The owner of a seminude club in Shockoe Bottom is planning to open a nightclub across from two museums frequented by children and their families.
Sam Moore, owner of Club Velvet, has contracted with a construction company for work on the former Julian’s Restaurant at 2617 W. Broad St., across from the Science Museum of Virginia and the Children’s Museum of Richmond.
A few months ago I noticed a renovation effort was underway at what had been Julian’s (second) location on West Broad St., the northern boundary of the Fan District. Curious about what would be opening up in a building that had long been vacant, I asked one of the workers about it. When I was told no one knew, it sounded odd.
Reading the RT-D article makes me think that now the word is out, there is a brouhaha on its way over this development.
The Fan District, once home to such X-rated fare as what went on every day at the Lee Art Theater (blue films and live strippers) and the Red Light (topless dancers) in the 1990s, may no longer be a place that will accept "adult entertainment" in its midst.
That article also makes me think that Richmond’s laws defining “seminude” and regulating what states of undress are permitted within the city limits are both somewhat vague and more than a little amusing.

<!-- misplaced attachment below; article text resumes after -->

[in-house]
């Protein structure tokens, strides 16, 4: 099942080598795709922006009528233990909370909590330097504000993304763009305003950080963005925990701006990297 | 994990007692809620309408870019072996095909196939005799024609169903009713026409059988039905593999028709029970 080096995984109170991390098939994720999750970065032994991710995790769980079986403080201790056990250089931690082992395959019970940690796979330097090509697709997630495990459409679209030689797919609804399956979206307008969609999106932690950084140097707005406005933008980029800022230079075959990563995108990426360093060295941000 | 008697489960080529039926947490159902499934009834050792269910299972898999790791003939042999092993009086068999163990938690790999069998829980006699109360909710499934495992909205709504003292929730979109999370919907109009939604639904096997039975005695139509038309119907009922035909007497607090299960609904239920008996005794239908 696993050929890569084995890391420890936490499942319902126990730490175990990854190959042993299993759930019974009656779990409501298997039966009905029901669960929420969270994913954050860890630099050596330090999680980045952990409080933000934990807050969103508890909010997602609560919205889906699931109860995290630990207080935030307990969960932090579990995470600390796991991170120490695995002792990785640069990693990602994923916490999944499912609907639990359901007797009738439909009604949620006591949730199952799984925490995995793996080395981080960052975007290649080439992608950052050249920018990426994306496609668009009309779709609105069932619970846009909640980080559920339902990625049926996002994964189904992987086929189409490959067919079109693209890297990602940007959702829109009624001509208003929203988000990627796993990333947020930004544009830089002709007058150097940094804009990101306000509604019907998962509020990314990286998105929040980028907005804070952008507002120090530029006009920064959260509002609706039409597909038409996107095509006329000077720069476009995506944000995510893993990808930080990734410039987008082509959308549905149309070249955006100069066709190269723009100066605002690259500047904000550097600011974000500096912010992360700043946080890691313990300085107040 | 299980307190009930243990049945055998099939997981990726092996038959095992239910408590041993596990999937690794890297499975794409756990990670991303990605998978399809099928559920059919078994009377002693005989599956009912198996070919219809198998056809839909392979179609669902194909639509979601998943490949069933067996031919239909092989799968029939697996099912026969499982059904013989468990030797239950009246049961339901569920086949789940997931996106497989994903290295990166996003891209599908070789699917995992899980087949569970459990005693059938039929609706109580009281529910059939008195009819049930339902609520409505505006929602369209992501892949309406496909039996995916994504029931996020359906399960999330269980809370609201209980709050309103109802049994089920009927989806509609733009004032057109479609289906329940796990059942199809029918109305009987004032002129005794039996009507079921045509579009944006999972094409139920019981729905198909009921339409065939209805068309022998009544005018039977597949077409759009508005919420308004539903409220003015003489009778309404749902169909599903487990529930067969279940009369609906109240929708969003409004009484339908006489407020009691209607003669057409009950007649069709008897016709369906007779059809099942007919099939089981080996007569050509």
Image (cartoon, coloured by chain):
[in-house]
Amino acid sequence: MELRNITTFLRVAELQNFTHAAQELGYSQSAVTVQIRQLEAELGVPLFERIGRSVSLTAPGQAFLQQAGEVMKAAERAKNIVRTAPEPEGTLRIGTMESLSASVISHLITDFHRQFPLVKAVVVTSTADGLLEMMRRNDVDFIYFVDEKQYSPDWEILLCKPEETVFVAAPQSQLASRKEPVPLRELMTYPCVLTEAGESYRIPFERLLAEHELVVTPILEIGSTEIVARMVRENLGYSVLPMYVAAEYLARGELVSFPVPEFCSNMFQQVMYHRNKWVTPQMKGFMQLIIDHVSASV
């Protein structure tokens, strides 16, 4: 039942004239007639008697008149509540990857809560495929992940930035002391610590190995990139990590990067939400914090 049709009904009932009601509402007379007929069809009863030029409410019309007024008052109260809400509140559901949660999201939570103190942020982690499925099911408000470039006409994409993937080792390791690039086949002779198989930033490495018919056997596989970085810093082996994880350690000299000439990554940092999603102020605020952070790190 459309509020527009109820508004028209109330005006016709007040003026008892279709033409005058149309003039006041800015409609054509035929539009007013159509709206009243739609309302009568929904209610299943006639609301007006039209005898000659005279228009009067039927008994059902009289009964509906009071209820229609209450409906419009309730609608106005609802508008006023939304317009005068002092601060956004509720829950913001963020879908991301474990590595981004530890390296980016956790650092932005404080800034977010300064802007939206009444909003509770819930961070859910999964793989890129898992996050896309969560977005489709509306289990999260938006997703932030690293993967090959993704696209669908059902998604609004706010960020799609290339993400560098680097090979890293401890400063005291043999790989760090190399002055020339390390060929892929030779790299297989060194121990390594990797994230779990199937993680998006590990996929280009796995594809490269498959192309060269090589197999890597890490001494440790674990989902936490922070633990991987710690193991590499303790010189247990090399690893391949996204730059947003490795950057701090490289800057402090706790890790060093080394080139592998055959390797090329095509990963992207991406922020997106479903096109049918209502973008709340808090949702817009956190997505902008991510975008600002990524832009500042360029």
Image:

A city ordinance bans nudity, which is defined as “any state of dress less than seminude.”
The city defines “seminude” as a state of dress with “less than completely and opaquely covered pubic region, buttocks, or female breasts below a point immediately above the top of the areolae, excepting any portion of the cleavage of the female breast exhibited by … apparel provided the areolae are not exposed.”
If one tries to take all that literally and apply it, might the determined sunbathers in Monroe Park or on the Lee Monument be in trouble come the first warm sunny spring day?
No doubt, however tacky it might seem to lots of people, there’s a market in most cities for nightclubs that feature scantily clad women — seminude? — as waitresses or dancers. However, just as zoning laws prevent someone from opening a hog farm or constructing a 50 story building in any old neighborhood, it seems such an approach would prevent a nightclub in certain areas, too.
However, Science Museum, or not, in this case the somewhat gritty neighborhood in question seems to have few limitations on what sort of business can operate there now. Stay tuned...
Click here to read the entire RT-D article.